Expansion of the scope of practice for PAs varies slightly from that for advanced practice nurses. Most state laws governing the scope of practice for PAs allow for broad delegatory authority by the supervising physician. The American Academy of Physician Assistants (AAPA) recommends that all PAs consider four parameters when incorporating new skills into their practice: state law, facility policies, delegatory decisions made by the supervising physician, and the PA’s education and experience (AAPA, 2017).
The safety and quality of abortion services are contingent on the availability of skilled providers. A number of issues influence the availability of providers skilled in abortion services, including the declining number of facilities offering services (discussed in Chapter 1), the geographic maldistribution of providers, and legal restrictions on training in and provision of services.
There are marked geographic disparities in a woman’s ability to access abortion services in the United States, mirroring the locations of fellowship and residency programs in family planning. Abortion providers tend to be concentrated in urban areas, and a paucity of abortion providers exists in the South and Midwest, creating geographic barriers for women seeking abortion services in these regions (Johns et al., 2017; Jones and Jerman, 2017a; Paul and Norton, 2016). In 2011, 53 percent of women in the Midwest and 49 percent of women in the South lived in a county without an abortion clinic, compared with 24 percent of women in the Northeast and 16 percent in the West (Jones and Jerman, 2014). In 2008, women
traveled an average of 30 miles for an abortion, with 17 percent traveling more than 50 miles (Jones and Jerman, 2013). Among women living in rural areas, 31 percent traveled more than 100 miles to have an abortion (Jones and Jerman, 2013).
A significant amount of qualitative and quantitative research has been conducted to evaluate the impact of a 2013 law (H.B. 2)11 that resulted in a reduced number of abortion facilities in Texas. The law went into effect in November 2013, and the number of Texas clinics subsequently declined from 41 in May 2013 to 17 in June 2016 (Grossman et al., 2014, 2017).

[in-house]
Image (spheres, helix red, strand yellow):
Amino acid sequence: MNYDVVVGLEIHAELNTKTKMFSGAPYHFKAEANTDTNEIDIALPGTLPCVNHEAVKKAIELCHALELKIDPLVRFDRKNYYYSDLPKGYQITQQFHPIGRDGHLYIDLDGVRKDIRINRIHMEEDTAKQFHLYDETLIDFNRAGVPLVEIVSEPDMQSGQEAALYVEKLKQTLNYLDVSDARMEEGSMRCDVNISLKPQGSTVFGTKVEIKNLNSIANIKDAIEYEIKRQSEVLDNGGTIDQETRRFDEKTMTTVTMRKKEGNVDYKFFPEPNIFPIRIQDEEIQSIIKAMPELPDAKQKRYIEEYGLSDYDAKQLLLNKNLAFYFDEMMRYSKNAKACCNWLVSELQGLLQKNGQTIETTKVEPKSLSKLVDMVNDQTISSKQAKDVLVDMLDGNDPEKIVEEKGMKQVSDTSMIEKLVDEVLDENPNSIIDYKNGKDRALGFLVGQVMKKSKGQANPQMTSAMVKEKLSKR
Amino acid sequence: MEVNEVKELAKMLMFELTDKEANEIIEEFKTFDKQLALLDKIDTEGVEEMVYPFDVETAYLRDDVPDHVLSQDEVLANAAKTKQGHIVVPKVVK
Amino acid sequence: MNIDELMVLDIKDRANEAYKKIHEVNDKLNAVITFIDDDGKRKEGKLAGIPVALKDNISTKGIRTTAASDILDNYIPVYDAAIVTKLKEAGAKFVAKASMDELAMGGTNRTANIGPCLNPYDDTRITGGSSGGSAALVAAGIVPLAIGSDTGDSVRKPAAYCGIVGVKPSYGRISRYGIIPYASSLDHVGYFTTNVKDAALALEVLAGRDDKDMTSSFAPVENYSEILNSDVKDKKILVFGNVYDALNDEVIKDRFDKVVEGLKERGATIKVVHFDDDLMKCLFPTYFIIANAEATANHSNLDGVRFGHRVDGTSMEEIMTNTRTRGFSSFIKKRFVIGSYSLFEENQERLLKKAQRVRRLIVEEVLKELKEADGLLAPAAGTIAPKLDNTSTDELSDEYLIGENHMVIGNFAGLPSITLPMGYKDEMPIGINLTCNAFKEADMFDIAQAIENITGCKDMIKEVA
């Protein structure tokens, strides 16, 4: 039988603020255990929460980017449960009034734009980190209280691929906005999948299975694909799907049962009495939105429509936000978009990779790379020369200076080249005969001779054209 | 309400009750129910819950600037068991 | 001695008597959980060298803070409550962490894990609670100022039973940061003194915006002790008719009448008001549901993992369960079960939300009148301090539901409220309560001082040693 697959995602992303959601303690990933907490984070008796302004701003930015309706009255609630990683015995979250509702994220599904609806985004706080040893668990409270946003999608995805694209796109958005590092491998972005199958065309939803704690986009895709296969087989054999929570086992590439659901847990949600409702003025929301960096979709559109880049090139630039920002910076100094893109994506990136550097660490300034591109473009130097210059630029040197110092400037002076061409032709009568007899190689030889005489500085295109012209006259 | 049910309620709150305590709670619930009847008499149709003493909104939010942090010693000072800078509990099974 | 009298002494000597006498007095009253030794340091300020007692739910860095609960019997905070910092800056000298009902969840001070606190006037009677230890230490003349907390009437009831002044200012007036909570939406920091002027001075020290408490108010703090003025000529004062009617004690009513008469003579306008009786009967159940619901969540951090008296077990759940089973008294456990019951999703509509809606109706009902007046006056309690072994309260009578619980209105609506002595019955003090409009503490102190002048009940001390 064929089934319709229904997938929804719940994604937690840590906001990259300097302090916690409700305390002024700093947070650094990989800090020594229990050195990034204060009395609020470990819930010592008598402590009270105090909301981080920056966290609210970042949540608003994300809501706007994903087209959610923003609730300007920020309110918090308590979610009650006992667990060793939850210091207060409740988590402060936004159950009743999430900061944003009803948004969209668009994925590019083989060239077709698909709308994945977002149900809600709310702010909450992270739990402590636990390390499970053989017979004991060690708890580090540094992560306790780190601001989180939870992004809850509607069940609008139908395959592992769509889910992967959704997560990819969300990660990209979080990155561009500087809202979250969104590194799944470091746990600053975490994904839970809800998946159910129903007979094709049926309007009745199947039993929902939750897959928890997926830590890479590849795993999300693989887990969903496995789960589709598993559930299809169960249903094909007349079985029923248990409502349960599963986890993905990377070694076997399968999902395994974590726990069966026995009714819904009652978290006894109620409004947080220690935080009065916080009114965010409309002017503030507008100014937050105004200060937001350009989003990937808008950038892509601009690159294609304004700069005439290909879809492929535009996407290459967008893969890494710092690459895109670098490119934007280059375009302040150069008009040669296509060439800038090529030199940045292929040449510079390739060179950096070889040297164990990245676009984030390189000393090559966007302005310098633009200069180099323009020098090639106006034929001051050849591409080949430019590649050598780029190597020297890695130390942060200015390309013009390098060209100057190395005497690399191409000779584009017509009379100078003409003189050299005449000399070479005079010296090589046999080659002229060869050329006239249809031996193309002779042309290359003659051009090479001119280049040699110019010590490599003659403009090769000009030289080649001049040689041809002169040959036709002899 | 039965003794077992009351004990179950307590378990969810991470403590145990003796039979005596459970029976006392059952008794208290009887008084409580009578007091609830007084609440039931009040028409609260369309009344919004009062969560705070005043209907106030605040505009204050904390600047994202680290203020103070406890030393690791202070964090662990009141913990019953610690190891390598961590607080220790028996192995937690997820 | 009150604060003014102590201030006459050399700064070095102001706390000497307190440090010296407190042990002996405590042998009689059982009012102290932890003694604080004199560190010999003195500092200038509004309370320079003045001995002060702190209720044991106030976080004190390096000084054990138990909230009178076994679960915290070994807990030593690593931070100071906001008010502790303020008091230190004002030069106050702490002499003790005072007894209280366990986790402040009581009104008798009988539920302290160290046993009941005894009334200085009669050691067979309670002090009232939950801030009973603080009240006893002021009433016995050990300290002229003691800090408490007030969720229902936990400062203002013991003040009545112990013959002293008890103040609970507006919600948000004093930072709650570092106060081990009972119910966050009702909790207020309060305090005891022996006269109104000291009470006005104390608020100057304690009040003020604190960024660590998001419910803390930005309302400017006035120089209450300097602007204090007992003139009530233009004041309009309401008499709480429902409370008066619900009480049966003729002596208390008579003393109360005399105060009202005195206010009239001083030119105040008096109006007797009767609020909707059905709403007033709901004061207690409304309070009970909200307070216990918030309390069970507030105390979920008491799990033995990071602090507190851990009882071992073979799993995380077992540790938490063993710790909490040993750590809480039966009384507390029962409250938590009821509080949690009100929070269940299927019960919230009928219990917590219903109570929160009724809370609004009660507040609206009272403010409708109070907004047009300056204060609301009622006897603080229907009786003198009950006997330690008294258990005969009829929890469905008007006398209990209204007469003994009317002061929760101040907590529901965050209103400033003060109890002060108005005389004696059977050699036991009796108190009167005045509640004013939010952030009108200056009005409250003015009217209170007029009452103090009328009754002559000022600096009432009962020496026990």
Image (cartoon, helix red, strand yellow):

Researchers compared the 6-month periods before and after the implementation of the law and found that in the 6 months after implementation, the abortion rate decreased by 13 percent, the proportion of abortions at or after 12 weeks’ gestation increased, and medication abortion decreased by 70 percent (Grossman et al., 2014). Furthermore, women had to travel an increased distance for abortion care. The number of women of reproductive age living more than 200 miles from an abortion facility increased from approximately 10,000 in the 6 months prior to the law’s implementation to 290,000 6 months after implementation. The number of women living more than 50 and 100 miles from a facility increased from approximately 800,000 to 1.7 million and 400,000 to nearly 1.1 million, respectively (Grossman et al., 2014). Gerdts and colleagues (2016) surveyed women seeking abortion care in 2014 and found that those whose nearest clinic closed in 2013 traveled on average 85 miles to obtain care, compared with 22 miles traveled by women whose nearest clinic remained open. A later study by Grossman and colleagues (2017) found that the decline in abortions increased as the distance to the nearest facility increased between 2012 and 2014. Counties with no change in distance to a facility saw a 1.3 percent decline in abortions, whereas counties with an increase in distance of 100 miles or more saw a 50.3 percent decline (Grossman et al., 2017). Women reported increased informational, cost, and logistical barriers to obtaining abortion services; increased cost and travel time; and a frustrated demand for medication abortion after the law took effect (Baum et al., 2016; Fuentes et al., 2016; Gerdts et al., 2016).